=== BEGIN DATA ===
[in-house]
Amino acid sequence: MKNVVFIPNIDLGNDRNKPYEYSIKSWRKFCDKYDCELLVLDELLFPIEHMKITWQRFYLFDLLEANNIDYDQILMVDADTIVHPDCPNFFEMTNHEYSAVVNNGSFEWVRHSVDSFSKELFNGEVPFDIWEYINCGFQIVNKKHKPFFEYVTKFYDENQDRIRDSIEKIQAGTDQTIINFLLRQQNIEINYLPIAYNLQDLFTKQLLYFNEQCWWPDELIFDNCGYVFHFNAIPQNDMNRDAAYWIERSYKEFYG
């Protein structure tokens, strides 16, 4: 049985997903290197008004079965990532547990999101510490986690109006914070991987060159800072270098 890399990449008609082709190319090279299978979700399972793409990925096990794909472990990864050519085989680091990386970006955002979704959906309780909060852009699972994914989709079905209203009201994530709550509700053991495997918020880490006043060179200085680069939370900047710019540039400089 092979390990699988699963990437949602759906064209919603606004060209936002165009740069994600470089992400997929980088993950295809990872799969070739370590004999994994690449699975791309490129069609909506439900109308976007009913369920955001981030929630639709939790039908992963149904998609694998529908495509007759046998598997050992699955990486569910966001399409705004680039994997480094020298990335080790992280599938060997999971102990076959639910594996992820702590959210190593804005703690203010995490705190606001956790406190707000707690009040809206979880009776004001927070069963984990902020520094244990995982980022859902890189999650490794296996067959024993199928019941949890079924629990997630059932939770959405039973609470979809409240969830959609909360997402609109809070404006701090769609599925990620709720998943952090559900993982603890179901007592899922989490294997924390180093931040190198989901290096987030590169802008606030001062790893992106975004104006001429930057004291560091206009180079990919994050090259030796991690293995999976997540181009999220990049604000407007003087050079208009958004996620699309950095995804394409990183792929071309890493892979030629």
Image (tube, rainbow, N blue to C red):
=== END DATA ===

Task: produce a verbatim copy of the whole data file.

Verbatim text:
[in-house]
Amino acid sequence: MKNVVFIPNIDLGNDRNKPYEYSIKSWRKFCDKYDCELLVLDELLFPIEHMKITWQRFYLFDLLEANNIDYDQILMVDADTIVHPDCPNFFEMTNHEYSAVVNNGSFEWVRHSVDSFSKELFNGEVPFDIWEYINCGFQIVNKKHKPFFEYVTKFYDENQDRIRDSIEKIQAGTDQTIINFLLRQQNIEINYLPIAYNLQDLFTKQLLYFNEQCWWPDELIFDNCGYVFHFNAIPQNDMNRDAAYWIERSYKEFYG
């Protein structure tokens, strides 16, 4: 049985997903290197008004079965990532547990999101510490986690109006914070991987060159800072270098 890399990449008609082709190319090279299978979700399972793409990925096990794909472990990864050519085989680091990386970006955002979704959906309780909060852009699972994914989709079905209203009201994530709550509700053991495997918020880490006043060179200085680069939370900047710019540039400089 092979390990699988699963990437949602759906064209919603606004060209936002165009740069994600470089992400997929980088993950295809990872799969070739370590004999994994690449699975791309490129069609909506439900109308976007009913369920955001981030929630639709939790039908992963149904998609694998529908495509007759046998598997050992699955990486569910966001399409705004680039994997480094020298990335080790992280599938060997999971102990076959639910594996992820702590959210190593804005703690203010995490705190606001956790406190707000707690009040809206979880009776004001927070069963984990902020520094244990995982980022859902890189999650490794296996067959024993199928019941949890079924629990997630059932939770959405039973609470979809409240969830959609909360997402609109809070404006701090769609599925990620709720998943952090559900993982603890179901007592899922989490294997924390180093931040190198989901290096987030590169802008606030001062790893992106975004104006001429930057004291560091206009180079990919994050090259030796991690293995999976997540181009999220990049604000407007003087050079208009958004996620699309950095995804394409990183792929071309890493892979030629």
Image (tube, rainbow, N blue to C red):